- 6 tablespoons extra-virgin olive oil
- 6 ounces crusty baguette, cut into ¾ inch cubes (4 cups)
- 3 garlic cloves, sliced thin
- 3 pounds tomatoes, cored and cut into 3/4-inch pieces
- 2 teaspoons sugar
- 1 teaspoon salt
- 1 teaspoon pepper
- 1 ½ ounces Parmesan cheese, grated (¾ cup)
- 2 tablespoons chopped fresh basil
- Adjust oven rack to middle position and heat oven to 350° F (176° C). Heat ¼ cup oil in 12-inch ovensafe skillet over medium-low heat until shimmering. Add bread and stir to coat. Cook, stirring constantly, until bread is browned and toasted, about 5 minutes. Transfer bread to bowl.
- Return now-empty skillet to low heat and add remaining 2 tablespoons oil and garlic. Cook, stirring constantly, until garlic is golden at edges, 30 to 60 seconds. Add tomatoes, sugar, salt, and pepper and stir to combine. Increase heat to medium-high and cook, stirring occasionally, until tomatoes have started to break down and have released enough juice to be mostly submerged, 8 to 10 minutes.
- Remove skillet from heat and gently stir in 3 cups bread until completely moistened and evenly distributed. Using spatula, press down on bread until completely submerged. Arrange remaining 1 cup bread evenly over surface, pressing to partially submerge. Sprinkle evenly with Parmesan.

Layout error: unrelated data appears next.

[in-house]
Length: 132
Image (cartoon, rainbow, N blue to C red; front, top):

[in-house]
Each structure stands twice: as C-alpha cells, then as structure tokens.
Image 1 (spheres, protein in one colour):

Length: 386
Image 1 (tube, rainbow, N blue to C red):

- Bake until top of gratin is deeply browned, tomatoes are bubbling, and juice has reduced, 40 to 45 minutes; after 30 minutes, run spatula around edge of skillet to loosen crust and release any juice underneath. (Gratin will appear loose and jiggle around outer edges but will thicken as it cools.)
- Remove skillet from oven and let stand for 15 minutes. Sprinkle gratin with basil and serve.
For the best results, use the ripest in-season tomatoes you can find. Supermarket vine-ripened tomatoes will work, but the gratin won’t be as flavorful as one made with locally grown tomatoes. Do not use plum tomatoes, which contain less juice than regular round tomatoes and will result in a dry gratin. For the bread, we prefer a crusty baguette with a firm, chewy crumb. You can serve the gratin hot, warm, or at room temperature. – America’s Test Kitchen